President Trump on Wednesday escalated his unrelenting attacks on the late senator from Arizona and former GOP presidential nominee John McCain, who even in death has remained one of Trump’s top targets for abuse as fellow Republicans have repeatedly begged him to stop.In a five-minute diatribe during an appearance at a General Dynamics tank factory in Lima, Ohio, Trump argued that McCain, a lifelong Pentagon booster and former prisoner of war in Vietnam, “didn’t get the job done” for veterans while also grousing that he did not receive proper gratitude for McCain’s funeral last September.“I gave him the kind of funeral he wanted, which as president I had to approve,” Trump said inaccurately, an apparent reference to allowing the use of military transport to carry McCain’s body to Washington. “I don’t care about this, I didn’t get a thank-you, that’s okay. We sent him on the way. But I wasn’t a fan of John McCain.”
He also falsely accused McCain of spreading an intelligence dossier around before the election. (He gave it to the FBI after the election.)
How perfectly and entirely pathetic. The man who got multiple deferments to avoid serving his country in Vietnam whimpers about not getting a thank-you (from the dead man’s grieving family?!) for doing nothing other than not nixing the customary trappings of a great man’s funeral. McCain spent five years getting tortured; Trump whines for lack of a thank-you card? Nothing could better sum up the moral chasm between a great American hero and a shell of a man, one consumed by his endless narcissism.
Trump laughably said he was no “fan” of McCain — a war hero, public servant, human rights icon, devoted father, trusted friend, true wit and friend to fighting men and women and veterans. That’s understandable, since the two share nothing in common.
The reaction, or non-reaction of Republicans to Trump’s immoral reign of horror, is no surprise either. The party has been kowtowing to Trump for more than two years now. They never censured him for insisting there were some “very fine” people among the neo-Nazi marchers in Charlottesville. They never condemned him for prior attacks on McCain, for racism or for much of anything else. Why should they start now?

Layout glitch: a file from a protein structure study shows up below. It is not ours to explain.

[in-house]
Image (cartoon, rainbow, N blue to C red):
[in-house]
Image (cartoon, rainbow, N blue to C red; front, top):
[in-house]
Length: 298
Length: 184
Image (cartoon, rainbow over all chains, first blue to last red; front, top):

Senate Majority Leader Mitch McConnell (R-Ky.) praised McCain but didn’t mention Trump. A real profile in courage, huh? No, it is the same moral abdication we’ve seen since Trump took office. Sen. Mitt Romney proclaimed himself stumped as to why Trump would attack his friend McCain. (Hint: Trump has no moral core and hates those who do.)
It was left to Sen. Johnny Isakson (R-Ga.) to condemn Trump. He first told Bulwark: “I just want to lay it on the line, that the country deserves better, the McCain family deserves better, I don’t care if he’s president of United States, owns all the real estate in New York, or is building the greatest immigration system in the world. Nothing is more important than the integrity of the country and those who fought and risked their lives for all of us.”
He then followed with an appearance on Georgia Public Radio. “We have young men and women qualified to do anything in the world that, on their own, volunteer and serve this country … they’re fighting battles in lands far away,” Isakson said. "They’re fighting for everything we believe in and everything we love in this country. … When it comes to it, as chairman of the Veterans Committee, I’m going to stand up for veterans.”
As with the vote on Trump’s fake emergency declaration, when a mere 12 Senate Republicans broke with Trump, the number of those willing to confront Trump over something as egregiously wrong as trashing a dead hero says more about the state of the party than it does about Trump. Trump, we know, is a louse. We have been reminded in the past few weeks just how spineless and soulless is his party.